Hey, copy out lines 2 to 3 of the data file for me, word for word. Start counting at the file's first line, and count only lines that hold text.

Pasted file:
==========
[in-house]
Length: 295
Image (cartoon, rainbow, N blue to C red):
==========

Length: 295
Image (cartoon, rainbow, N blue to C red):